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Tentative Deal Reached in Payroll Tax Cut Debate

Tentative Deal Reached in Payroll Tax Cut Debate . / Credit: Capitol Building image via Shutterstock

After months of partisan debates about the potential extension of payroll tax cuts, a tentative deal between Republicans and Democrats was reached Tuesday (Feb. 14) evening, days before the current deal was set to expire at the end of the month. This tentative deal would result in a continuation of payroll tax cuts worth $100 billion that would affect 160 million working Americans, according to a New York Times report.  Additionally, the proposal would extend unemployment benefits and prevent a 27 percent cut in Medicare payments to doctors that was also set to expire at the end of the month, according to the Los Angeles Times.     

[Will Payroll Tax Cuts Really Help Your Business?]

Additional reporting by the Los Angeles Times stated that the cuts would result in a 2-percentage-point cut in the amount that workers pay into Social Security.  The new deal would also extend unemployment benefits, but the length of that agreement will vary based on states' unemployment levels. Although residents in states with high enough unemployment rates would be eligible to take advantage of unemployment benefits for 73 weeks, no states will likely qualify for that protection, meaning that most states would be eligible for 63 weeks of unemployment benefits, according to the Los Angeles Times article.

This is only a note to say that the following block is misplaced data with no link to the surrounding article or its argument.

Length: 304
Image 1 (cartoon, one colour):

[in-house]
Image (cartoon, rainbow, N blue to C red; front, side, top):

The deal was reached after House Republicans made a key concession to extend the cuts without requiring spending cuts  to pay for them. That concession had been a major sticking point for the two sides, according to the New York Times report. Despite the encouraging signs, the tentative deal still needs to be voted on in order for  it to become official.   

"As you guys know, you can't take anything for granted here in Washington until my signature is actually on it," President Barack Obama said Tuesday before news of the reported progress. "So we've got to keep on making sure that the American people's voices keep breaking through until this is absolutely, finally, completely done."

With that said, there is optimism that the deal will still go to a vote by Friday, before Congress adjourns for a weeklong recess to celebrate Presidents Day.   

Reach BusinessNewsDaily staff writer David Mielach at Dmielach@techmedianetwork.com. Follow him on Twitter @D_M89.

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